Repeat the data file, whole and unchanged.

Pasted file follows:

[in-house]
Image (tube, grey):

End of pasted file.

[in-house]
Image (tube, grey):